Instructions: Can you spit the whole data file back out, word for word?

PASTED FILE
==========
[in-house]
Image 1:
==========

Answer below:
[in-house]
Image 1: